Cosmocil, chemically known as polyhexamethylene biguanide hydrochloride, is an excellent solution stabilizer and antimicrobial agent which inhibits microbial growth in the water based lubricant solution or on the coated surface of the device. Preferably between about 1% and about 5% by weight of cosmocil is used. Another solution stabilizer that can be used is a quaternary ammonium salt. When this is used anti-microbial agents should be included. Examples of anti-microbial agents are: iodophors; phenols; phenolic compounds such as para-chloro-meta-xylenol; and other biguanides such as chlorhexidine gluconate. Even where cosmocil is used, these anti-microbial agents may still be used in the solution. However, cosmocil is preferably used alone because it is less toxic than the other anti-microbial agents. Its molecular structure is shown below: ##STR3##
After the lubricant solution is applied to the surface to be lubricated, i.e. the catheter blank, the catheter blank 1 to be tipped is mounted onto a mandrel 2 supported on a carriage (not shown). A die 3 having an interior molding surface, with at least one portion of which is tapered according to the tip desired on the finished catheter, is aligned axially with the mandrel 2. The carriage is moved toward the die 3 such that the end of the catheter blank 1 to be tipped engages the interior molding surface. The carriage is halted at a point after the catheter blank 1 has engaged the tapered portions of the interior molding surface of the die 3, and is biased toward the die 3 with only sufficient force to cause the catheter blank 1 to move further into the die as the catheter blank 1 is heated by RF energy to its melting point and begins to flow. See FIG. 1. The catheter blank 1 is then allowed to heat in the die 3 and is moved into the die 3 as it begins to melt and flow under the biasing force. The mandrel 2 is positioned so that its distal corner is against the tapered portion of the die 3, thus cleanly forming the leading edge of the catheter. The die 3 and catheter therein are then cooled, and the carriage is reversed such that the catheter may be withdrawn from the die 3. Finally, the catheter is removed from the mandrel 2. There is no flash left on the leading edge because of the contact between mandrel 2 and die 3.
A water solution of each of the compounds was prepared by stirring a known amount of the compound in water with a magnetic stirrer. After sufficient stirring, a clear solution was obtained. 20 ga. Insyte® catheters were tipped using these solutions.
______________________________________ Composition Nos.Ingredients 1 2 3 4 5 6 7 8______________________________________PLURONIC ® 123 4 8 -- -- -- -- -- --Phospholipid PTC -- -- 4 8 -- -- -- --Glycerox 767 -- -- -- -- 4 8 -- --Glycerox HE -- -- -- -- -- 4 8Water 92 96 96 92 96 92 96 92______________________________________
All percentages are described as weight in grams per hundred grams of solution.
None of the solutions were found to produce consistently good quality tips. After the catheters were tipped, it was determined that the tips stuck to the mandrel. The tips usually rolled inward and would produce a hump on the taper. In some cases the tip itself was burnt because the lubrication was not enough to release the tip from the tipping die and mandrel.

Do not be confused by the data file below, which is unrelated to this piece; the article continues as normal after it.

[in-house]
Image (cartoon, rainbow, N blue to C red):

A design experiment was conducted to determine if mixing the phospholipid PTC (chemically known as cocamidopropyl phosphotidyl PG-diamonium chloride) with PLURONIC® P123 and dissolving the two together in water, would produce sufficient lubrication to the catheter for the tipping process. The following are the compositions that were used in the evaluation of the tipping lubricant.
______________________________________ Composition Nos.Ingredients 1 2 3 4 5 6 7 8 9______________________________________PLURONIC ® 123 5 4 4 3 3 5 5 3 4Phospholipid PTC 3 3 4 4 3 4 4 4 4Water 93 92 92 93 94 91 91 93 92______________________________________
All percentages are described as weights in grams per hundred grams of solution. All three ingredients were mixed together and stirred until a clear solution was obtained. These solutions were then used to lubricate the catheter tip for molding the tip in the catheter tipping machine.
Sixty catheters were tipped using the above compositions as a lubricant. The results are described below:
______________________________________ Slight hump Tip Sticking Tip RolledComposition No. Taper To Mandrel Rugged Tip Inwards______________________________________1 7 2 1 02 3 1 1 03 1 0 0 04 1 0 0 05 2 1 0 06 1 1 0 17 1 2 0 08 1 2 0 19 2 0 0 0______________________________________
The figures indicate the number of defective tips found out of a sample size of 60 These results indicate that the combination of a PLURONIC® polyol and a phospholipid provide sufficient lubrication to the catheter for molding a good tip.
The tipped catheters were then lubricated with the solutions. Similarly, the stainless steel cannula needed for 20 ga. Insyte® catheters was also lubricated separately. The catheter was then assembled over the cannula to have a completed catheter-cannula assembly used on patients. The performance of the product was tested as follows:
1. Tip Adhesion: The needle was pulled out of the catheter at a withdrawal rate of 1 inch per minute, and the force was measured. A high measured force would indicate high tip adhesion and poor lubrication.